My friend Tim Lee, whose new blog I linked to this morning, follows up on the Dark and Stormy controversy with a clarification about the purpose of trademark law:
[...] trademarks have a dramatically different policy rationale from patents and copyrights. Copyrights and patents are designed to create legal monopolies that drive up the price of creative works and thereby reward authors and inventors for their creativity. Although consumers may benefit from the resulting increase in creativity, the short-term effect is to force them to pay more than they would in a competitive market. Trademarks aren’t like that at all. The point is not to limit competition. To the contrary, the point is to enhance competition by ensuring that consumers know what they’re getting. This is why it’s emphatically legal to run comparative advertising featuring your competitor’s trademarks. Microsoft may own the “Windows” trademark, but Apple is free to use it as a punching bag as long as they don’t mislead consumers about what they’re getting.
The same principle applies in the Dark and Stormy case. The point of trademark law is to make sure consumers know what they’re getting (whether it’s Gosling or Zaya), not to give Gosling a monopoly on the concept of mixing ginger beer with rum. I haven’t seen Zaya’s ad and I’m not a trademark lawyer, so I don’t want to speculate on the legal merits of Gosling’s position. But certainly the apparent purpose of Zaya’s ad—encouraging bartenders to substitute their own rum in place of Gosling’s—is entirely within the spirit of trademark law. If the net effect of Gosling’s threats is that consumers wind up with fewer opportunities to try mixing ginger beer with different kinds of rum, that is certainly not what trademark law is supposed to accomplish.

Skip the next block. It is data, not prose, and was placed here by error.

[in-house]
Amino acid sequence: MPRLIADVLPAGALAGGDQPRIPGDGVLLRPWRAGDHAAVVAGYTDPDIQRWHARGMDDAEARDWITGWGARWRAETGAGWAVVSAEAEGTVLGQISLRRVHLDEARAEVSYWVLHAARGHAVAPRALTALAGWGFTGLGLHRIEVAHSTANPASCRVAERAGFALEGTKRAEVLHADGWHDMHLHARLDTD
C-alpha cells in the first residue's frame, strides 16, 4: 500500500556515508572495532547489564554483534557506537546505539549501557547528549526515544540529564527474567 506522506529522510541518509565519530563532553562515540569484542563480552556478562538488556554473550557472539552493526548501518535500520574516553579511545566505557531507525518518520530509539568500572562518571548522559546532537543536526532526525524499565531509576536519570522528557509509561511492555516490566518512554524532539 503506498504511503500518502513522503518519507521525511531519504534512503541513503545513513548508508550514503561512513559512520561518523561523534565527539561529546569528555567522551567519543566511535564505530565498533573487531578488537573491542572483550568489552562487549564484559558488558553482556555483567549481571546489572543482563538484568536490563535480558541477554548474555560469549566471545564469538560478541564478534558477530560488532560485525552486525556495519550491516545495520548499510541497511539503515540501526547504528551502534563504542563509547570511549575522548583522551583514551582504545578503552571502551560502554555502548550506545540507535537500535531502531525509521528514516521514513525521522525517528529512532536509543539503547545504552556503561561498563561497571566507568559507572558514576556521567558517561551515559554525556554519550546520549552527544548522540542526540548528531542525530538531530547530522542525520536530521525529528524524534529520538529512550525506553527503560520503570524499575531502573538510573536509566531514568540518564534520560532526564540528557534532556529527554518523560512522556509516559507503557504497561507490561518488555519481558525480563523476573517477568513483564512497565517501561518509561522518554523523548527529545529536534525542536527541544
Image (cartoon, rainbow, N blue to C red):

This a good point. It’s also of interest that the recent boom in craft bartending has occurred with very little IP protection for recipes. Some enterprising writer might want to look into mixology as an example of creativity that thrives in a low IP environment as discussed in this famous paper on the “piracy paradox” in the fashion industry. My impression is that most of the recent innovations in recipes and technique have been driven by bartenders and bars seeking acclaim for their work and patrons eager to try their drinks; I’m personally thrilled when a recipe of my own invention is copied elsewhere, especially if credit is given to me or my bar. In contrast, the cocktails pushed by marketing campaigns tied to specific products are usually pretty unremarkable.
My perspective may be biased however by being so tied into the transparent, blogging parts of the bar community, and marketing cocktails may improve as firms realize the importance of getting their products used in craft bars. But even then it’s not clear that IP would play any essential role in the development of drink recipes.